Have the Guptas stolen Christmas? Consumer confidence is so low that some may be wondering whether the infamous family has captured the festive season, just as Dr Seuss’s Grinch character did.
We asked Mail & Guardian readers whether they’d be spending or holding back this festive season. At least a fifth responded they would splurge a bit to spoil themselves and their loved ones, but 80% said they would be taking it easy this December.
“With what money? I’m broke,” said one. “No bonus, no spending,” another responded. “No, no, no …” a third said.
Economists concur. Investec’s Kamilla Kaplan said that “depressed consumer confidence has contributed to low consumer willingness and ability to spend”, adding that consumers are heavily indebted and are spending on basics rather than luxuries.
“Retailers have also been more strict and have started to apply more rigorous credit processes,” he said.
The latest TransUnion report shows that consumers are defaulting less on debt obligations but are “still depending on credit and store cards, usually a sign that households are under pressure”, said chief executive Lee Naik.
South Africa’s economy has been battered by scandals centring on President Jacob Zuma’s associates, the Guptas. Corruption at state-owned enterprises has weakened the rand and raised borrowing costs. In turn, the weak economy has gouged a R50‑billion hole in the national budget.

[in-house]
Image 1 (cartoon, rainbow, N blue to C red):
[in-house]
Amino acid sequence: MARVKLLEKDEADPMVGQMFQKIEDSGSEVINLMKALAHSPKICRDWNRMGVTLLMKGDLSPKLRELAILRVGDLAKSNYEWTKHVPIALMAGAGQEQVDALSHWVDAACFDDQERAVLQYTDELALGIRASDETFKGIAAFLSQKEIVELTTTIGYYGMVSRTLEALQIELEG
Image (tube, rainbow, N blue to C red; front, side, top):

Statistics South Africa figures for September show that real retail sales grew by 5.4% compared with the previous year, when the increase was 3.8%. The growth, though, is primarily driven by sales labelled as “other”, largely second-hand goods.
“Overall retail sales growth remains relatively muted, with the decent numbers that some retailers have recently been reported by Foschini, Mr Price and Shoprite Holdings due to company-specific factors rather than macro factors,” said Damon Buss, an equity analyst at Electus Fund Managers. He says this trend is likely to continue over the festive period.
Consumer Goods Council of South Africa chief executive Gwarega Mangozhe said: “We have seen shopping baskets become smaller and many consumers have become bargain hunters, opting for basics rather than solely luxury purchases.”
There may be a potential bright spot for retailers. They are hoping that the huge discounts they offer on Black Friday, November 24, will kick-start the festive spending spree and see tills ringing. South Africans have enthusiastically embraced the concept that originated in the United States on the day after Thanksgiving.
This was borne out by Julie-Anne Walsh, online retailer Takealot’s chief marketing officer, who said: “Despite the struggling economy and a tough 2017 … Takealot has not seen a slowdown during the year and is expecting sales volumes will increase on [Black] Friday and towards the festive season. It further expects that to make sales between R80‑million and R130‑million compared to last year’s R56‑million.”
Added Absa investment strategist Craig Pheiffer: “The rising popularity of Black Friday domestically is making a noticeable difference in the shape of spending over the year- end, and it’s highly likely that many of those festive gifts are going to be purchased this week rather than just before the festive period begins.”
Black Friday will be almost over before we know the decision by the ratings agencies, expected after the close of business on Friday, but retailers will be hoping to beat last year’s base effect, said Buss.
Thulebona Mhlanga is an Adamela Trust trainee at the Mail & Guardian